Article
Motor disconnect switches are a critical safety element in industrial settings, but just how much protection they provide – and how long they last – is dependent on how well each switch is matched to its setting. Specifiers have a number of options to choose from, including housing materials and internal electronics.

Making the Connection: Matching Disconnect Switches to Their Application

Chuck Ross
Motor disconnect switches are a critical safety element in industrial settings, but just how much protection they provide – and how long they last – is dependent on how well each switch is matched to its setting. Specifiers have a number of options to choose from, including housing materials and internal electronics.

According to Paul DiAntonio, industrial product manager with MENNEKES Electrical Products, the selection process should begin with an understanding of the environment in which a switch will be operating. Cleaning requirements, impact exposure and other plant conditions need to be considered when evaluating stainless steel and polymer disconnect switch options.

“Stainless steel has better impact resistance, which can minimize incidence of damage and required maintenance, and corrosive cleaning agents can affect enclosure integrity,” which can be another argument in stainless steel’s favor, DiAntonio says, though resin-based products also can perform well. “Nonmetallic alternatives should also be considered, as specific polymer resins provide similar, or even better, resistance to food-plant cleaning solutions and wastewater atmospheric conditions.”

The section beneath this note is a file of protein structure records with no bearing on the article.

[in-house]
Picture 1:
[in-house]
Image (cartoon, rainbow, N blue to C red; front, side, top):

However, specifiers should know that not all nonmetallic products are alike. For example, DiAntonio says, manufacturers use varying materials and gasketing methods for their products, so specifiers need to investigate the suitability of products to their specific project demands.

Of course, specification needs to cover more than just the housing material – switches also need to be matched to an installation’s particular electrical requirements, including whether or not a switch needs to be fusible. And the reason why an installed switch might need replacing also can influence the selection process, according to DiAntonio. For example, redesigns involving branch motor circuits often require disconnects with auxiliary contacts. And if efficiency upgrades include switching to variable frequency drives, “disconnects with early break auxiliary contacts should be considered.”
Photo courtesy of MENNEKES Electrical Products
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